Texas Mixed Beverage Tax Audit

mixed-beverage-tax-consultants

Texas Tax Group’s Team of Mixed Beverage Tax Consultants
Robert Whorton (31 Yrs), Bob Wallace (33 Yrs), Sandy Smart (11 Yrs),
Wes Boullioun (8 Yrs) and Dino Marcaccio (16 Yrs)

Knowing how to protect yourself in a Texas Mixed Beverage Tax audit (also known as a Liquor Tax Audit) is essential and can help you save thousands of tax dollars. Understanding the 4 “P’s” of a Mixed Beverage Tax audit is a good place to begin.

The four P’s are: Price, Pour, Purchase, and Proof. The result of your audit will depend on these 4 primary elements.

Price: The average sales price of distilled spirits, wine and beer is very important. It is critical to a fair audit that the average sales prices get calculated correctly. In some cases, this is a straight forward matter. POS systems certainly make calculations easier if you have a POS system. But even if the auditor has to look at cash register tapes, he is required to do so. Auditors frequently overstate the average selling price of a drink category and thereby overestimate the amount of tax due in an audit. If you get audited, make sure the auditor gets this right.

Pour: The pour can relate to the size of drink glasses or pitchers, but also relates to the amount of distilled spirits poured into each drink. This element causes more grief and misunderstanding than anything else, and can be very costly if it is understated by the auditor. Many bartenders will be afraid to pour the amount of liquor they really pour during the pour test. They may be afraid TABC will be alerted or the owner will be upset at them. Well, honesty is the best policy. If you usually pour 2 ounces in a drink, then state that and show that during the pour test. Understate the pour, overstate the tax liability due.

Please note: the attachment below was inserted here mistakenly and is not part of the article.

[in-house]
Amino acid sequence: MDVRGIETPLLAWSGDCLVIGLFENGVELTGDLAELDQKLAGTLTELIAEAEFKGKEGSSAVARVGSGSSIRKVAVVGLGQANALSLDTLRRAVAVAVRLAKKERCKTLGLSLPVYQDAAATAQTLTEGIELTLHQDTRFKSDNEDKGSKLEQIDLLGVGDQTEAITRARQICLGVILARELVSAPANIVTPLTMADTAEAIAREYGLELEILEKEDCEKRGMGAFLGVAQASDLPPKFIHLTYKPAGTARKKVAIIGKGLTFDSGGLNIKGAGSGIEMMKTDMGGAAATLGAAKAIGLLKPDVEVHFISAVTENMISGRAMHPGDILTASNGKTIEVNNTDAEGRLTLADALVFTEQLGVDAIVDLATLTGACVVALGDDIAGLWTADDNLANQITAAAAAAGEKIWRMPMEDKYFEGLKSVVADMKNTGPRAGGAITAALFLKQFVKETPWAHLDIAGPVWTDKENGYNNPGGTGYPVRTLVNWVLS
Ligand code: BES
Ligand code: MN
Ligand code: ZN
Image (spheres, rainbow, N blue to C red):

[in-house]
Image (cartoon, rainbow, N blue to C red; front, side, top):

Purchases: The state now has access to your alcohol purchase records, and they rely on that data. But guess what? Reported amounts are sometimes inaccurate. This past week I was working on an audit where a vendor reported selling $13,000.00 in alcohol to my client when in fact they had sold only $288. That would relate to about $7,200.00 the state would assess in tax that is clearly not due. Make sure what the state says you bought you did in fact buy.

Proof: It is unfortunate but true that an audit has nothing to do with what happened during the audit period…it has everything to do with what you can prove happened during the audit period. Without adequate documentation, auditors are left to their own devises to arrive at a tax liability. Many bar owners are good at what they do, but not so good at keeping records. Keeping good records will not only help you in an audit situation, but will also help your business in the long run.

A mixed beverage tax audit hinges on these few items. Do not face the auditors alone. Texas Tax Group has a team of former Texas Comptroller State Tax Auditors to stand by you and represent you all the way. Call us today toll free at 855-892-8348 and request a free anti-audit consultation.

New: Texas Mixed Beverage Tax Forms for 2014

Related Sources:
“Estimated” Sales Tax Audit
A Practical Guide to HB 3572
An Open Letter to All Mixed Beverage Permit Holders in the State of Texas
Audit Division and the Fraud Penalty
Mixed Beverage Tax (Liquor Tax) Audit Statistics

Texas Comptroller Helpful Links:
Mixed Beverage Sales Tax
Mixed Beverage Gross Receipts Tax
Mixed Beverage Gross Receipts Tax Audit Manual